This summer, Exactly Right family members will be guest hosting My Favorite Murder! Each week a guest host will pick their favorite stories from Karen and Georgia. Today's episode is hosted by Erin & Erin, hosts of This Podcast Will Kill You on Exactly Right. The Erins cover the stories of The Incredible Survival of Jennifer Morey (Episode 33) and The Tragic Death of Mitrice Richardson (Episode 65).
Header Image Source: Photo by Perry Merrity II on Unsplash
"As Friday night gave in to Saturday morning, Jennifer Morey was putting up one hell of a fight.
"Please help me, I'm bleeding so much," Morey pleaded with the 911 dispatcher. "He cut my throat. I've got pressure on it, but it's spraying blood all over."
A few hours earlier, Morey, a 25-year-old lawyer, had been paying a Friday-night visit to the Ale House. Around midnight, one of her friends drove her home to the Bayou Park Apartments on Memorial Drive. The complex boasted 24-hour protection provided by an on-premises Pinkerton Security guard, and Morey, who lived alone, had chosen Bayou Park partly for that reason. She'd heard of Pinkerton; the name seemed old and strong, like Wells Fargo. It made her feel safe.
Morey went straight to bed. But around 4 a.m., she awoke with someone straddling her body and something pressing against her neck. Desperately attempting to shake off her dream state, she realized that she was about to be raped.
She tried to push the intruder off. But as her hands followed his arms toward her head, she realized that he was holding a knife to her neck. Still, she fought. During the struggle, the attacker slashed her throat, starting at her right ear then moving several inches down her neck, leaving her with a wound that looked like a second mouth. Blood poured over Morey, over her bed and over the stranger. The fight went out of her.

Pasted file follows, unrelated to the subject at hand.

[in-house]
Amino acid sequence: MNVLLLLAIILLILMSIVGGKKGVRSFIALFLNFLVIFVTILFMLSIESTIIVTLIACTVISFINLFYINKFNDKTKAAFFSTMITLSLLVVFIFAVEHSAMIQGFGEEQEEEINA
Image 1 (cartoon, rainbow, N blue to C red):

Grabbing Morey by her blond hair, the attacker pulled her off the bed, threw her into the bathroom and shut the door. He said that if she came out, he'd kill her. Morey, afraid he'd come for her again, placed her back against the bathroom door, slid down to the floor and, with all her remaining strength, pressed her feet against the bathtub in an attempt to keep the door shut.
Surrounded by her own blood, she was struck by the silence. Moments earlier, the apartment had been filled with noise: sounds from the struggle, her cries for help. Now the only thing she heard was the sound of a zipper. The man was zipping up his pants; she hoped that meant he was leaving.
After a few more moments that seemed like hours, she mustered the courage to leave the bathroom, afraid that she'd bleed to death otherwise. But her hands, slick with blood, couldn't grip the doorknob. Worse, she'd pressed so hard against the door that it was now jammed.
Morey laughed, an exercise of the darkest possible humor. She had fought off a would-be murderer; now she was going to bleed to death in her bathroom because she couldn't open a door that didn't even have a lock..."
— Source: Houston Press article by Shaefer Edwards
Header Image Source: Photo by Breana Panaguiton on Unsplash
"Mitrice Lavon Richardson (born April 30, 1985 – remains found August 9, 2010) was a 24-year-old African-American woman who went missing on September 17, 2009, after police claim she was released from a jail in Calabasas, California, where she had been taken after behaving erratically at a restaurant due to bipolar disorder. She was missing for 11 months before being found deceased in August 2010 by park rangers.
Richardson's parents have maintained that their daughter should never have been released on her own by the Los Angeles County Sheriff's Department, given her obviously disturbed condition. In 2011, the Richardson family settled the civil lawsuit with L.A. County privately for $900,000. In January 2017, the California Attorney General's office concluded an investigation into the circumstances surrounding Richardson's release from jail and decided not to bring charges against anyone involved in her release..."
— Source: Death of Mitrice Richardson Wikipedia